2:30 Vampire Weekend

Loyal readers know that I’ve seen these kids before, and in that review I claimed I probably wouldn’t watch them at ACL.  I lied.  There wasn’t anyone else I was dying to see, and I was more interested in hanging out with my buddies (who wanted to see VW) than venturing out to see someone I’d never heard of.  The set was very similar to the one I saw before with a couple of notable exceptions:

  • The crowd was HUGE!  The speed of this band’s ascent to stardom must be hard for them to comprehend.  Still, good for them – so far it doesn’t seem like the fame is going to their heads.
  • They finally played “Kids don’t stand a chance” which is my favorite track on the album, and which they never seem to play live.  I don’t know why the avoided it – it sounded great.  I figured it would sound thin, or the singer would struggle with the high falsettos, but neither was the case.  They did have a strings section for a few songs (including this one), so maybe they feel like they need strings to pull it off.  In any case, it was a nice surprise.
  • They played a couple of new songs.  One sounded like it was straight off of Rhythm of the Saints by Paul Simon.  But they were decent, even if they weren’t much of a stretch from what their first album sounds like.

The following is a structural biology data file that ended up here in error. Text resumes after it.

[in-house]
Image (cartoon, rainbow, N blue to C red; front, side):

Overall though, they were still short on quality banter with the crowd.  They also didn’t play any covers, and I really think they should.  But I really enjoyed the set, and after my last review I kind of thought I was over this band.  Glad to know I was wrong.  I still don’t have tremendously high expectations for their second album, but I hope they surprise me.

Oh, and the keyboard player was wearing a scarf!  In 95-degree Austin heat!  He is really dedicated to maintaining that douchebag look no matter what.

3:30 Jamie Lidell

I knew a couple of my friends were into this guy, and I was familiar with one of his songs.  I think in the past he had performed without a band, just himself and a laptop.  That gave me low expectations for his set.  He wound up being the biggest pleasant surprise of the festival.  He is a skinny British guy who sounds like a fat soulful black guy.  His band was great, his sound was great, and even though I didn’t know most of the songs, they were very enjoyable on a first listen.  His sax player played double sax on a couple of songs (two saxes at once).  I hadn’t seen that trick since I saw the band Morphine way back when.

He also did use his laptop (or some other technology obscured from view) a lot for loops and effects, and they were AWESOME.  He recorded a loop that was somewhere between a vocal bassline and a beatbox, and then just kept adding loops on top of it.  He did a 2 or 3 part vocal harmony of “a little bit more, a little bit more.”  The song just kept building up, and the band fit right in with the loops.  It was really impressive and sounded really cool.